Each day thousands of people crowd onto one bridge to photograph another. The object of their attention is 'a work of no merit...owing the interest chiefly to its pretty name, and to the ignorant sentimentalism of Byron.'
That was Ruskin's caustic opinion of the Ponte dei Sospiri, better known, even in Italy, as the Bridge of Sighs.
However, a few feet away from the Ponte della Paglia, where the tourists stand clicking merrily away, is a work of supreme merit. Unfortunately, the Drunkenness of Noah seems to pass most of them by.
The sculpture, which forms part of the south-eastern corner of the Palazzo Ducale, may be the work of Filippo Calendario, who was one of its architects. The placing of almost life-size groups (Adam and Eve are depicted on the south-western corner) on the corners of a building was without precedent, either in Venice or elsewhere.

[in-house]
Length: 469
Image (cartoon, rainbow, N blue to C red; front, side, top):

The bible tells how, after the flood, Noah planted a vineyard. Turning his vines into wine, he drank a glass too many and ended up flat out in his tent, sloshed and naked. There he was observed by his son Ham, who told his two brothers, Shem and Japheth. The latter approached their father, walking backwards so that they would not see him naked, and laid a cloak over him.
The sculpture cleverly uses the two sides of the corner to dramatise (with a little license) this aspect of the story. Noah is depicted drunk on one side, while two of his sons are depicted on the other. We see a hand slipping surreptitiously round the corner to cover up the father's nakedness.